| January/February 1957

3501 Bristol Highway, Kingsport, Tennessee

After we sold our farm in Washington County at Gray, we purchased another in Sullivan County, ten or fifteen miles away. Other experiences amused. Once when crossing a field in which was a pond to reach the barn, the threshermen were helpless when the thirsty oxen, sighting the water, rushed headlong, pulling the separator in with them. A like experience occurred with Harrison Wexler, mentioned before, when his ox team pulled his 'tub' engine into Holston River. Charlie Slaughter of Fordtown, related to me his experience in bringing his N & S traction engine home one night when during a hard electric storm he had to ford this same river.

Not too long ago, one of the largest locomotives pounding the rails of America exploded on the C. C. & O. near Erwin, Tennessee, blowing the boiler clear of its trucks and another, more recently, exploding on the N & W tracks near Bristol, and as I think of these, I wonder how, with all these traction engines climbing and descending our long steep grades with the water first in the fire-box end, then in the smoke-box end of the boiler, we did not more often meet tragedy.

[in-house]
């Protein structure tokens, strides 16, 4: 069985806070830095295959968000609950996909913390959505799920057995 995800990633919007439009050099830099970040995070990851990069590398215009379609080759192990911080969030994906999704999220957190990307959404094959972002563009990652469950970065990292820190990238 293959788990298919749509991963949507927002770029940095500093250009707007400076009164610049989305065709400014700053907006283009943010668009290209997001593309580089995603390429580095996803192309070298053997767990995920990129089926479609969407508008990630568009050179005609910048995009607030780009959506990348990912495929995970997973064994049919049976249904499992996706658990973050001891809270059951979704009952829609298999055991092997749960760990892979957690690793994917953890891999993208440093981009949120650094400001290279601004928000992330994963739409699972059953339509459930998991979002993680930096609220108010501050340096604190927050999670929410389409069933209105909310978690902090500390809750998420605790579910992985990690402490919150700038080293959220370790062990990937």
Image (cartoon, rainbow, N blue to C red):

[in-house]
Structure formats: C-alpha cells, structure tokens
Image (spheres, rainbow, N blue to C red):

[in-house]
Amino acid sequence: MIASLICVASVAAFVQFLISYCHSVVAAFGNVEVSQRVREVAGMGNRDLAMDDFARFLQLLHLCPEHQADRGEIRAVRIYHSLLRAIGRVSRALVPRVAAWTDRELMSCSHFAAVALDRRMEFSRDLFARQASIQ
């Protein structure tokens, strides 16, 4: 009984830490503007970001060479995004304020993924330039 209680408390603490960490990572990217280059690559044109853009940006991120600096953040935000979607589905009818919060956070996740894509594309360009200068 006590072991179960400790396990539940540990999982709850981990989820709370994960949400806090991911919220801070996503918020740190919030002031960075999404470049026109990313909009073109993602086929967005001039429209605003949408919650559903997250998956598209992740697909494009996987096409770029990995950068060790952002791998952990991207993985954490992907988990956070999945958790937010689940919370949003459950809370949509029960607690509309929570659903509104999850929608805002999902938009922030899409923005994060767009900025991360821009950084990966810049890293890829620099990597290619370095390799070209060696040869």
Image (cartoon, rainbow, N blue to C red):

A gentleman told me recently of such misfortune at Church Hill near Kingsport. The fireman had just expressed delight at the easy firing of his engine when almost immediately the boiler was blown to smithereens when parts of the crown sheet proved to be very thin.

The nearest I have ever been to a steam fan's heaven was when driving, years ago, from Shreveport, La., to Crowley. The latter is known as the rice center of the world. I saw them threshing rice. Nearing the town I pulled my car to the roadside and as I stood on the running-board of my car I counted ten steam threshers all going at the same time. If the war scrap drive did not get them, there should be many fine engines there to this day. Besides, in that soft level country their machinery is not subjected to the brutal punishment we accord it in our hill country.

Thank God that there are fine men and women, young and old, who have set themselves to locating, buying, taking care of and preserving these mechanical treasures of what may be called the 'farm steam age.' The most active of these years, about 40, would run, say, from about 1880 to about 1920. Of course, before this there was the gradual beginning, even as there is to this day, a gradual tapering off. There are now thousands of steam sawmills and other steam operated machinery in use. In our vicinity there are three such sawmills in operation, perhaps more.


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